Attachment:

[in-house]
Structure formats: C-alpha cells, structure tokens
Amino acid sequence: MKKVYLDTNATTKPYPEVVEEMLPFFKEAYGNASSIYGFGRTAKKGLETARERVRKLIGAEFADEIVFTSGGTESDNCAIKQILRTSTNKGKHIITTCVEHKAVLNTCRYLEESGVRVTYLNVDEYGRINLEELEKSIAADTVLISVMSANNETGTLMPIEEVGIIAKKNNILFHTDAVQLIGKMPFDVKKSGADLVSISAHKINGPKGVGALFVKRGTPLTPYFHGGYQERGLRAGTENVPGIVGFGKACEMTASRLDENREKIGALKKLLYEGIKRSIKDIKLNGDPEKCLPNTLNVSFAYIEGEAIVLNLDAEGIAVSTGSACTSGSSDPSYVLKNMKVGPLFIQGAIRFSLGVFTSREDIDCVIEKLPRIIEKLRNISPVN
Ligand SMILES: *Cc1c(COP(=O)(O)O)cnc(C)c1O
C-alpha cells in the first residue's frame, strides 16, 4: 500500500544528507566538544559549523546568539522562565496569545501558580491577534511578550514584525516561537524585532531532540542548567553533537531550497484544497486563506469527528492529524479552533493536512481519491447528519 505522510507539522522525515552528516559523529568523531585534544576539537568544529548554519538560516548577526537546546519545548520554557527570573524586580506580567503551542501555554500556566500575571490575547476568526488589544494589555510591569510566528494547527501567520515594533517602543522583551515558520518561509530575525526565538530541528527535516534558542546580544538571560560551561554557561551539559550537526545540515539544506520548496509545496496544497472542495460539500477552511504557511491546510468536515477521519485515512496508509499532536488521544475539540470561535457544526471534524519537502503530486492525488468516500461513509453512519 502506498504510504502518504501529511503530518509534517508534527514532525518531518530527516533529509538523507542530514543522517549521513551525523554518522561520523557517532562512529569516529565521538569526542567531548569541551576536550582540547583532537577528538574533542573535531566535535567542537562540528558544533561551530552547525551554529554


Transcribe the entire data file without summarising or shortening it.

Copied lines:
[in-house]
Structure formats: C-alpha cells, structure tokens
Amino acid sequence: MKKVYLDTNATTKPYPEVVEEMLPFFKEAYGNASSIYGFGRTAKKGLETARERVRKLIGAEFADEIVFTSGGTESDNCAIKQILRTSTNKGKHIITTCVEHKAVLNTCRYLEESGVRVTYLNVDEYGRINLEELEKSIAADTVLISVMSANNETGTLMPIEEVGIIAKKNNILFHTDAVQLIGKMPFDVKKSGADLVSISAHKINGPKGVGALFVKRGTPLTPYFHGGYQERGLRAGTENVPGIVGFGKACEMTASRLDENREKIGALKKLLYEGIKRSIKDIKLNGDPEKCLPNTLNVSFAYIEGEAIVLNLDAEGIAVSTGSACTSGSSDPSYVLKNMKVGPLFIQGAIRFSLGVFTSREDIDCVIEKLPRIIEKLRNISPVN
Ligand SMILES: *Cc1c(COP(=O)(O)O)cnc(C)c1O
C-alpha cells in the first residue's frame, strides 16, 4: 500500500544528507566538544559549523546568539522562565496569545501558580491577534511578550514584525516561537524585532531532540542548567553533537531550497484544497486563506469527528492529524479552533493536512481519491447528519 505522510507539522522525515552528516559523529568523531585534544576539537568544529548554519538560516548577526537546546519545548520554557527570573524586580506580567503551542501555554500556566500575571490575547476568526488589544494589555510591569510566528494547527501567520515594533517602543522583551515558520518561509530575525526565538530541528527535516534558542546580544538571560560551561554557561551539559550537526545540515539544506520548496509545496496544497472542495460539500477552511504557511491546510468536515477521519485515512496508509499532536488521544475539540470561535457544526471534524519537502503530486492525488468516500461513509453512519 502506498504510504502518504501529511503530518509534517508534527514532525518531518530527516533529509538523507542530514543522517549521513551525523554518522561520523557517532562512529569516529565521538569526542567531548569541551576536550582540547583532537577528538574533542573535531566535535567542537562540528558544533561551530552547525551554529554